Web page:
What is in a name? Often a fair bit in fact! We use names as useful shortcuts to better explain things in the natural world, from new species to comets and new inventions. But what does it take to get one of those new things named after you? There are a few approaches you can take to get something named after you and put down in the history books alongside historically important figures. I am going to suggest a few routes you could take.
Find Something New
If you love math, comets, and you really want something named after you, you are in the right field. Put in a lot of work to find a previously undiscovered comet, or create a new mathematical proof, and you will soon have something named after you! You can choose to that whatever you discover named after yourself.
But unfortunately, this does not translate to every scientific field. When it comes to things like asteroids or new species, even if you were the first to discover it, you cannot name it after yourself. In those situations, you can still name it – you just have to name it after someone else! Your mum, your pet, or even your favourite musician. Which brings us to the next way to get something named after you became famous.
Fame has its advantages. One of which is that scientists love naming things after their favourite, (or sometimes least favourite, believe it or not) celebrities. That can be other scientists, but also popular figures like politicians such as Barack Obama, TV presenters like David Attenborough and a range of musicians.
Do not forget! If you are naming something that is alive, it is tradition to change the name into a two-part name that vaguely sounds Latin. This goes back to a Swedish naturalist Carl Linnaeus who invented this naming system.
There is a lot of stuff already out there in the world that already has been named. If you cannot find something new to slap your name onto, why not push the boundaries and make something totally unique yourself. Great inventions like the petri dish or the diesel engine were actually named after their inventors. Making something new is a fantastic way to have your name in the history books.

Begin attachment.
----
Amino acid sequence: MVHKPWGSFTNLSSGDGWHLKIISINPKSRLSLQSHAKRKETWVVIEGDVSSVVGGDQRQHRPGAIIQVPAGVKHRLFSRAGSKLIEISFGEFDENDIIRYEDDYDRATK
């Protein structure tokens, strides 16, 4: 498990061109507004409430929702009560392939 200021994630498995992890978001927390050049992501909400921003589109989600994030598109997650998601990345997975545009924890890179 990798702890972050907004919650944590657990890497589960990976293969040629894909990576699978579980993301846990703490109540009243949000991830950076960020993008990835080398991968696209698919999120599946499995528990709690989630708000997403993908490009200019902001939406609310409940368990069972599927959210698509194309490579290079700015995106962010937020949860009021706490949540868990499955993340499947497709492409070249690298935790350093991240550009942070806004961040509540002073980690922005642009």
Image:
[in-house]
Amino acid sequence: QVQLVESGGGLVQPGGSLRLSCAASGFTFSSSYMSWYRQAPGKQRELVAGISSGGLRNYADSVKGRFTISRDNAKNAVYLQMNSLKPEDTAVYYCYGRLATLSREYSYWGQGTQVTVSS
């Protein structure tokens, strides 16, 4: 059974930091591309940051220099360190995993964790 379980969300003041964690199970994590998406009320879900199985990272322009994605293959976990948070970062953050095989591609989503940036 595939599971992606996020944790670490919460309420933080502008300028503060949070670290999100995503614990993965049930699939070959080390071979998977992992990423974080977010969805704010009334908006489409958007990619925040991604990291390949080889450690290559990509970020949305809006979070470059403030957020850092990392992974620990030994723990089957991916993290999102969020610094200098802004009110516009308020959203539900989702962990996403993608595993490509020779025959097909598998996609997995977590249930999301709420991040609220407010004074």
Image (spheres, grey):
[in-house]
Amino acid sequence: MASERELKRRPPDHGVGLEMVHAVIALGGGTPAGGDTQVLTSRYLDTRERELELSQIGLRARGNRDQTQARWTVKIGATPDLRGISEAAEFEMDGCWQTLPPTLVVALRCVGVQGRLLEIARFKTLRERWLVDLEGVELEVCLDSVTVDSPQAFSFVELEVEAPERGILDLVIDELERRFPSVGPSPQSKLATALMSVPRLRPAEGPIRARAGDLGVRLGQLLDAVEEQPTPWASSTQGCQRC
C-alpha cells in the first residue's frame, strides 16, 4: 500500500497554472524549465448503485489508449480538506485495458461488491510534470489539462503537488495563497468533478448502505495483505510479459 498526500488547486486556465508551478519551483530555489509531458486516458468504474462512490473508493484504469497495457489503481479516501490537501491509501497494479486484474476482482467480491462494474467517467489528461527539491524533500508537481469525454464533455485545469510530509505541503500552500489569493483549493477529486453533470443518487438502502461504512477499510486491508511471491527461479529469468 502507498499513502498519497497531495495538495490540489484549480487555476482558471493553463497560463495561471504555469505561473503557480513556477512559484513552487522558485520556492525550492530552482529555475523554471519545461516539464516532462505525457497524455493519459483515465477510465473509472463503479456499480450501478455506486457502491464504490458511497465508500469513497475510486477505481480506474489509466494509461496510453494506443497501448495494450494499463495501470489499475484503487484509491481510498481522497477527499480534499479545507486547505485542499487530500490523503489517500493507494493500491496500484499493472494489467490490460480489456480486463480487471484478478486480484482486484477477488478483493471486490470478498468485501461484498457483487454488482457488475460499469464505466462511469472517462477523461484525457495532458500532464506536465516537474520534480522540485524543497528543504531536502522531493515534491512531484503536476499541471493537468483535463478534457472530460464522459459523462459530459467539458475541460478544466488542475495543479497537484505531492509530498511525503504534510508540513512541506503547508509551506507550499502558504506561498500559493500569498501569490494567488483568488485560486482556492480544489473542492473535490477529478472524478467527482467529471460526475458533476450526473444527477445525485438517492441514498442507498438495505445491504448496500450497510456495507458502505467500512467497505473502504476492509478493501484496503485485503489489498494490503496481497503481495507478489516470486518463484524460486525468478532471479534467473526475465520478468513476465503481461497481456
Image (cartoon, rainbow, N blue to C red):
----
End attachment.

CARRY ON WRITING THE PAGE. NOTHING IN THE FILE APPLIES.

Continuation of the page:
This does not always work though. Sometimes you might discover to create something, and someone else’s name gets stuck to it, either because they perfected it and it became popular as a result. Unfortunately, this happens more often than you would expect.
Pay for It
You could always just pay for it with cold hard cash. If you do not want to rely on luck or chip away at something for years in pursuit of your name being attached to something, there are a few ways you can name a species or even a robot-discovered math theorem after yourself. You just have to empty your wallet for it.
This approach might not inspire the curious and adventurous among us, but it is a method. If you can afford it, your financial contributions could accelerate development in the field you are donating too. So in a way, you are actually helping a lot. It is expensive to conduct world-changing science experiments!
Overall, there are plenty of ways to get your name in the history books. Regardless of which path you choose, you will end up having to put a lot of time and effort into it. Even if you go down the money route. Money does not just fall out of the sky for most people so you will have to work hard and do your best to immortalise your name.